All of the plumbing fixtures, drains, and pipes in your home are connected to the biggest (and most important) piece of plumbing in your entire home – the main sewer line.
Between improper use of these fixtures, drains, pipes and many other outside factors, the main sewer line can take a beating. Eventually, the main sewer line can become clogged (or even collapse) to the point of needing serious repair or even replacement.
Knowing what causes sewer lines to clog and the warning signs to look out for can help prevent you from ever dealing with a major repair or replacement.
What Are the Common Causes of a Clogged Sewer Line?
Almost every homeowner has run into the unfortunate situation of having a clogged drain or a slow-running sink or bathtub. While a single clog can be a pain, it is typically easy to fix. Here are the primary indicators that a repair or replacement is required:
Severe Pipe Damage
When sewer pipes are broken or ruptured, the sewage will not properly drain through the system – leading to immediate and frequent backups. Common causes of sewer pipe damage include:
- Sewer pipe rupture due to shifting soil, settling, increased traffic on the ground above or use of heavy construction equipment above ground
- Corrosion of an older pipe, causing the pipe to break or collapse
- Leaking joints where the seals between sections of pipe have broken, allowing water and sewage to escape
A Sagging Sewer Line
While this is out of a homeowner’s control, sagging sewer lines happen over time. This “bellied” pipe occurs when a section of the pipe has sunk due to ground or soil conditions.
The low spot in the line will begin to collect paper and waste – resulting in repeat blockages.
Tree Root Infiltration
Older sewer lines were sometimes constructed out of clay or other porous materials. In addition, the connections between the pipe sections were not as tight as today’s PVC pipes.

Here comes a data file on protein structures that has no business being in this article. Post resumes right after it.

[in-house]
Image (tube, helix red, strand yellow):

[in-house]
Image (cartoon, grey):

As tree and shrub roots grow, they search for sources of water. If they latch onto a sewer pipe, they will grow into the pipe in order to reach the water inside, which can cause the line to break.
Warning Signs You Might Have a Sewer Line Issue
If you are concerned about catching your sewer line issue before it is too late, we have gathered three warning signs you should look out for:
Frequent Backups in Your Drains
One advice is to steer clear of liquid “drain cleaner” and call a professional to check out that backed-up drain. If you have a drain that continuously clogs, especially in the lowest level of your home, it could come from a break or blockage in your sewer pipe.
Multiple Fixtures Are Clogged
Suppose you are not sure whether the toilet or shower drain keeps clogging because of an individual pipe blockage or because of a sewer line issue. In that case, an undeniable sign of a sewer line issue is when more than one plumbing fixture backs up at the same time.
Your Lawn Starts to Change
A sewer line typically extends from your home, through your front lawn and into the city’s sewage system. Head outside and see if you can notice any of these changes to your lawn:
- If you have a break in your sewer line, you will see an indentation on your lawn
- If you find a soggy patch of grass when it has not rained or snowed recently, it may be sewage from a broken sewer pipe
Strange Reactions When Using Plumbing Fixtures
The next thing to look for when you suspect a sewer drain clog is any unexpected or unusual reactions when using plumbing fixtures. You may have a problem if:
- Flushing the toilet causes water to back up from your tub or shower
- Toilet water starts to bubble. Should this happen, run water in the sink closest to the toilet for a minute or so. If the water continues to bubble (or rises), then it is not a fluke
- Hearing a gurgling noise as the toilet flushes, the water in your bathtub or shower is draining. If you hear this, contact your local plumber
Let us know in the comment section below how you deal with main sewer clogs.